Bilingual Publication on Special Education Rights Released; Booklet Targets Parents of Hispanic Children With AD/HD

Jun 01, 2006, 01:00 ET from CHADD

    LANDOVER, Md., June 1 /PRNewswire/ -- The National Resource Center on
 AD/HD, a CDC-funded program of the patient advocacy group Children and
 Adults with Attention-Deficit/Hyperactivity Disorder (CHADD) and the
 National Alliance for Hispanic Health (the Alliance) have published a free
 bilingual booklet, Educational Rights for Children with
 Attention-Deficit/Hyperactivity Disorder: A Primer for Parents. The booklet
 will increase the availability of information about laws protecting
 educational rights of eligible children with AD/HD and can be an important
 tool for Hispanic/Latino parents of children with AD/HD.
     "Hispanic children with AD/HD have unique needs," said Jane L. Delgado,
 PhD, MS, president and CEO of the Alliance. "Our hope is that this guide
 will help Hispanic parents face the challenges they meet when their
 children are diagnosed with AD/HD and who may be eligible for services in
 the public school system."
     According to the National Survey of Children's Health (NSCH), 7.8
 percent of children ages four to 17 have a history of AD/HD. Typically,
 symptoms of AD/HD arise in early childhood, although the disorder may not
 be diagnosed until later.
     The Spanish/English booklet guides parents through the process of
 identifying the disorder and understanding federal laws that assure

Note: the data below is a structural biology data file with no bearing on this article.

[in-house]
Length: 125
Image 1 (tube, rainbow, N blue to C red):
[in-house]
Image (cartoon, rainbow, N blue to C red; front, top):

specialized education and related services for eligible children with
 AD/HD. Written in question and answer format, the booklet includes case
 histories, a list of available resources and a glossary.
     "Developing informational materials in English and Spanish is a
 critical part of our outreach efforts to the Latino community and we're
 pleased to have this opportunity to partner with the Alliance on this
 important publication," said Phyllis Anne Teeter Ellison, EdD, president of
 CHADD. "It's CHADD's responsibility to ensure information about the
 diagnosis and treatment of AD/HD is available to everyone affected by the
 disorder, especially in terms of educating our children."
     Publication of the brochure was made possible by a cooperative grant
 from the Centers for Disease Control and Prevention, which funds the
 National Resource Center on AD/HD (NRC) through CHADD.
     Single free copies of the guide are available on request by calling the
 NRC at 1-800-233-4050 or the Alliance's Su Familia Helpline at
 1-866-783-2645.
     About the Alliance
     The National Alliance for Hispanic Health is the nation's oldest and
 largest network of Hispanic health professionals. The nation's action forum
 for Hispanic health, Alliance members deliver services to over 12 million
 persons every year, making a daily difference in the lives of Hispanic
 communities. For more information, visit the Alliance's website
 (http://www.hispanichealth.org) or call 1-866-SU-FAMILIA (1-866-783-2645).
     About CHADD
     CHADD (Children and Adults with Attention-Deficit/Hyperactivity
 Disorder) is the nation's leading non-profit organization serving
 individuals with AD/HD and their families. CHADD has more than 14,000
 members in 200 local affiliates throughout the U.S. Local CHADD groups
 offer support for individuals, parents, teachers, professionals ad others.
     CHADD was founded in 1987 in response to the frustration and sense of
 isolation experienced by parents and their children with AD/HD. Countless
 individuals and families dealing with AD/HD turn to CHADD for information,
 public advocacy and support. The lifeblood of CHADD is its dedicated
 volunteers throughout the country who play an integral role in the
 organization's success
     The National Resource Center on AD/HD, funded by the Centers for
 Disease Control and Prevention (CDC), was established in 2002 as a national
 clearinghouse for evidence-based information about AD/HD. The NRC provides
 information to professionals and the public on the appropriate diagnosis
 and treatment of AD/HD, educational issues and living with AD/HD.
 
 

SOURCE CHADD